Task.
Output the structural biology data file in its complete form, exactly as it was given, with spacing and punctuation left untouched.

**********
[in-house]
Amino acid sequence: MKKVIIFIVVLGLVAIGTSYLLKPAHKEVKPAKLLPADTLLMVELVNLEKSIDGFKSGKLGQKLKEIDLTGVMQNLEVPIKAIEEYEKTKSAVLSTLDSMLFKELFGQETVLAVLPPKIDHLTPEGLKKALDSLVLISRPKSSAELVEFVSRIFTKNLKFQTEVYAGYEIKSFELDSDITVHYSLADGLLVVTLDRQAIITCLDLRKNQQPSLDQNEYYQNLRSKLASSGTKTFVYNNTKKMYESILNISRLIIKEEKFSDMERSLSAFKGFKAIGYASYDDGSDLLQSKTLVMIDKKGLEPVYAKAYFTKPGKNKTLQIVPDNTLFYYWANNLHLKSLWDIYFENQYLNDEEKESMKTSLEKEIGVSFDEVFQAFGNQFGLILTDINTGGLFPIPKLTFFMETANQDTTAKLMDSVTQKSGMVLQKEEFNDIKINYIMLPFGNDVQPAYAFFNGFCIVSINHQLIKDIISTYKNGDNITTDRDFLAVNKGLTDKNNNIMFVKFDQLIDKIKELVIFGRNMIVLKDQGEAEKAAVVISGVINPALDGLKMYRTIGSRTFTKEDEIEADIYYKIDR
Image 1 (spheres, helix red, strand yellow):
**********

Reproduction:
[in-house]
Amino acid sequence: MKKVIIFIVVLGLVAIGTSYLLKPAHKEVKPAKLLPADTLLMVELVNLEKSIDGFKSGKLGQKLKEIDLTGVMQNLEVPIKAIEEYEKTKSAVLSTLDSMLFKELFGQETVLAVLPPKIDHLTPEGLKKALDSLVLISRPKSSAELVEFVSRIFTKNLKFQTEVYAGYEIKSFELDSDITVHYSLADGLLVVTLDRQAIITCLDLRKNQQPSLDQNEYYQNLRSKLASSGTKTFVYNNTKKMYESILNISRLIIKEEKFSDMERSLSAFKGFKAIGYASYDDGSDLLQSKTLVMIDKKGLEPVYAKAYFTKPGKNKTLQIVPDNTLFYYWANNLHLKSLWDIYFENQYLNDEEKESMKTSLEKEIGVSFDEVFQAFGNQFGLILTDINTGGLFPIPKLTFFMETANQDTTAKLMDSVTQKSGMVLQKEEFNDIKINYIMLPFGNDVQPAYAFFNGFCIVSINHQLIKDIISTYKNGDNITTDRDFLAVNKGLTDKNNNIMFVKFDQLIDKIKELVIFGRNMIVLKDQGEAEKAAVVISGVINPALDGLKMYRTIGSRTFTKEDEIEADIYYKIDR
Image 1 (spheres, helix red, strand yellow):